You know what a Designated Hero is, even if you’ve never heard the term before.
A Designated Hero is someone whose actions aren’t heroic, but who we are supposed to consider the hero of the piece anyway.
This is not the same as an anti-hero, where the narrative acknowledges that our protagonist is not a nice person and that their heroism amounts to being on the right side. Nor is it the same as a flawed hero – a hero can make terrible mistakes (with the story driven by them trying to make amends) or even fail and still count as a hero.
No, the key element of the Designated Hero is that their flaws are ignored by the narrative. They may be callous, careless, selfish and petty. They may cause more harm than good…or harm instead of good. They may even cause the problem that drives the narrative or fail to do anything useful to stop it. But we’re still supposed to regard them as Bright, Shining Heroes.
Characters who oppose the Designated Hero are villains, not because they do anything bad, but because they oppose The Designated Hero. But I’ll save discussion of Designated Villains for another post.
Sometimes, this is the result of simple laziness. The writer puts a character in a role that traditionally goes to the hero, and simply forgets to have them do anything heroic, counting on inertia and custom to get the audience to accept the character. It may even work on the first viewing or reading, but once the audience has time to think about it, they usually realize that they’ve been cheated.
More often, it’s a case of Values Dissonance: the character behaves as the author thinks they should behave, and doesn’t understand why the audience doesn’t agree.
To put it bluntly: you do not want your protagonist to be a Designated Hero.
To demonstrate, I refer you to Fred Clark as he discusses the most severe cases of Designated Hero in English-language literature: the characters of the Left Behind series. Now, the characters’ behavior has been atrocious and non-heroic since the very first page (though the authors wouldn’t think so, an example of type 2), but here we’ve come to the crux: the examples that prove beyond a doubt that Our Heroes are nothing of the sort.
Here’s the setup: the world – except for Israel – has been brought under the domination of the One World Government, ruled by the Antichrist in his role as the Global Potentate. He hasn’t done anything all that terrible yet; the world voluntarily surrendered their weapons and their sovereignty to join the Global Community. His conquest was bloodless and he seems to be running the world well. The worst thing he’s done so far is kill two b-list villains and, well, be the Antichrist.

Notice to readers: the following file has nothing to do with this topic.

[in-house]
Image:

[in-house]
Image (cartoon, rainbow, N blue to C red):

Still, he’s the Antichrist, so defying him is the right thing to do. And now, one of Our Heroes has been summoned into his presence! It’s a moment of great danger and opportunity: the villain has demonstrated mind-reading and mind control powers. A few minutes in his presence could reveal every secret the heroes have. And yet, a few minutes in arm’s reach could end the whole conflict. What will Our Hero do?
Well, he does do one thing: accepts a job as the Antichrist’s press secretary. I think we’re supposed to take this as part of a long-term stratagem, but they never do anything with it.
Fast forward a little. The Antichrist has finally done something properly horrific. Our Other Hero has also taken a job with the Antichrist, as his personal pilot. You can see the possibilities, yes? What would you do if you were at the controls of a plane containing the man at whose command dozens of cities had been destroyed, and dozens more would soon follow?
Didn’t think so.
This looks like another Type 1, like the first example, but I would guess that it’s actually a type 2. As I argue in the comments, both authors are hardcore authoritarians; they have definite ideas as to how proper Authority Figures should behave, and how they should be treated. Over the course of the books, we see many examples of Our Heroes’ behavior toward those over whom they have power: even the slightest perceived insubordination is ruthlessly bullied into submission. The Heroes and the authors would both consider such a prank a serious affront, and would punish the prankster to the fullest extent of their power.
Meanwhile, the Antichrist simply admits his clumsiness and sits back down. To the authors, that makes him look like a weak sissy who doesn’t deserve his power. To them, responding to Our Hero with threats or punishment wouldn’t make him look like a tyrant, it would make him look like a badass, because to them there’s no difference.But then we’re back into the territory of Designated Villains.